The study, conducted by Alina Rodriguez at the Uppsala University in collaboration with international colleagues, examined 12,500 children and found a correlation between the mothers body mass index (BMI, weight in relation to height) at the time she became pregnant and symptoms like hyperactivity and concentration problems in the child.
"Many children are being diagnosed with ADHD and at the same time there is an epidemic of obesity in the world, with more and more women already overweight at the time they become pregnant," Rodriguez said.
"If it turns out that the mother's weight is of significance and, together with other factors, can influence ADHD-like symptoms in the child, we have not only found a contributory cause but also a potential avenue for preventive work that can enhance the well-being of both mother and child," she added.
In the study, the children were monitored from their time in the womb up to school age, when their teachers were asked to answer a questionnaire about the child's behaviour.
The analysis found that roughly one out of ten children had marked difficulties with their attention span and with hyperactivity.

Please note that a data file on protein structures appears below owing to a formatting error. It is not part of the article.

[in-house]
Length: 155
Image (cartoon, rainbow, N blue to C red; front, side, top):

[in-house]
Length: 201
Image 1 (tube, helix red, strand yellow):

"How many of them actually have ADHD cannot be determined solely on the basis of the questionnaire responses, however," Rodriguez said.
The link between mothers' body mass index and child symptoms was also found in cases where the women were moderately overweight.
Expectant mothers who were already overweight and moreover gained a considerable amount of weight during the course of the pregnancy ran a greater risk of having a child who would later show signs of ADHD than did women of normal weight who experienced the same weight gain during pregnancy.
"It is important that women start off pregnancy at an optimal body weight. It has been well documented in recent years that mothers overweight is associated with increase risk for a number of complications both to herself and to her child. Our results could be yet another problem to add to the list. But it is not good to be extremely thin either," Rodriguez said.
The study is issued online in the International Journal of Obesity.